Alternate History

Treaty of Paris (See Paris and Die)

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The Treaty of Paris was between Germany and Great Britain. Italy and France were also signatories but they had much weaker negotiating power. When the treaty was made, Germany was past its zenith on the Eastern front but had experienced no setbacks in Western Europe of North Africa. German leadership realized that the war was not sustainable and the territorial gains could not be maintained.

North Africa:

At this time Germany controlled all of North Africa including Egypt. It gave Egypt back to Great Britain and pulled its forces out of Morocco, Algeria, and Libya. The removal of forces from Libya was at a slow rate and Germany was allowed to exert influence there for a few more years. In return, the German sovereignty of Tunis and the Italian sovereignty of Ethiopia, Eritrea and Djibouti were recognized. France was not allowed to have any military presence in North Africa and the size of British forces in Egypt was limited. German and Italian merchant ships were also guaranteed passage through the Suez Canal.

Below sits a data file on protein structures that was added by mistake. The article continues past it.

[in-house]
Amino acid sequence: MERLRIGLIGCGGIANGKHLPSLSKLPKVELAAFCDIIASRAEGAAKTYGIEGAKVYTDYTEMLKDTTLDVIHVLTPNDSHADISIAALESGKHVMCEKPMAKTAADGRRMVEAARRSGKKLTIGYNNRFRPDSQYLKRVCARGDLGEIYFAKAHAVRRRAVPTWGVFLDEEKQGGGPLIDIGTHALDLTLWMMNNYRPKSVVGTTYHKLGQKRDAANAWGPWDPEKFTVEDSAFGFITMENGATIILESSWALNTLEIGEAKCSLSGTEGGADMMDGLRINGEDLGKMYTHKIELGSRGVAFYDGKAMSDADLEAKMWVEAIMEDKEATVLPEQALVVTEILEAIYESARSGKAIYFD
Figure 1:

Germany agreed to a scheduled withdraw of forces from France, Belgium, the Netherlands, Croatia, Serbia and Bulgaria. German sovereignty over Denmark, Luxemburg, Poland, Lithuania, and Romania was recognized. Germany also permanently gained some formerly French territory (area east and north of the Meuse and Mosell rivers). Italy also gained a small amount of former French territory and also Albania and Greece (but it proved unable to hold Greece). Belgium and the Netherlands were demilitarized zones where no sizable army or navy was allowed to reside. Germany has right to inspection in these territories and retained considerable political influence. France was reunited but reduced in size and holdings (as mentioned above), strict limitations were placed on the size of its military and France agreed to pay reparations to Germany.

This agreement allowed Germany to move more forces to its Russian front and to cement many gains it had made in the west and south. It was, however, extremely unpopular at home. There were large scale violent protests in Munich and many other cities. The Nazi faithful tried to oust Rommel but were unsuccessful.


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